My kind regards to Mrs. Richards, love to little Nettie, and accept the best wishes of yours truly, — friend William Davis
P. S. Please destroy fearing the plans for the campaign may fall into the hands of the enemy.
Farcical letter written by William Davis in military jargon declaring success in scheme to obtain a furlough for William Phillips.
Headquarters 1st Brigade
Department of the Lackawanna
D. T. Richards
General in Chief
I have the honor to report to you the brilliant success which we have obtained through the late strategic movement in breaking through the lines of the enemy, and the undisputed control of about 250 miles of railway & the capture of several noted officers among which were Brigadier General Haskins Chief of Staff to Major Heintzleman, Col. A. A. Gibson together with his Adjutant & staff. It was a complete victory. The troops fought bravely and swept everything before them like chaff before the wind.
Nothing could have been better planned for the occasion or better executed and for which I am to you greatly indebted for your aid & approval, the prestige of which I could not have done well without in bringing the insurgents to a sense of duty to there fellow man.
The land taken so far as our troops have advanced is fertile with a range of mountains on the south side sloping down gradually to the valley where the city is situated. Tis said there is a great quantity of minerals such as coal taken out annually from the mines and shipped abroad to foreign ports.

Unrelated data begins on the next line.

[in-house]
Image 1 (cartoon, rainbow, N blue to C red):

The country is thickly populated and the inhabitants appear to be very sociable & kind, save a few of the insurgents which we keep a strict watch over, better known as Copperheads, but we hope they will yet find out the error of there ways and return under the protection of our flag.
The headquarters of the Brigade will be for the next 10 days stationed at [Hyde Park], to the north of the city of Scranton, on an elevated piece of land suited as it is to all the wants of care worn troops – Veterans after the long and tedious march.
The water is excellent. The minerals from which it runs make it a excellent purifier in restoring and invigorating the system. ‘Tis called Gruber’s Fountain. The country is well adapted for the support of troops. There is abundant supplies on hand daily by the loyal portion & the luxuries we will now enjoy is not a matter of little note, such as “Plum Pudding, Roast Beef, Pies, Cakes, Etc, &c.
The enemy’s dead have all been buried and the wounded fell all in to our hands. On our side, we had no losses save a slight wound received myself in the heel but am happy to say is improving. I have an application of Bread and Milk to the part effected.
I will detail Adjutant [William] Phillips with the reports & cheerfully submit all to your consideration, knowing all will be satisfactorily received, and can assure you I feel perfectly safe in my position against any force of the enemy. Friends for eighteen months more or less.
With my earnest wish for the success of our cause and the – benign influence of – good luck – to bring him home gay & happy on a 10-day furlough. Sine die [without delay], Viva Viva [live, live], la Emperor.
Your most old servant,
Brigadier General Commanding
1st Division Army of the Lackawanna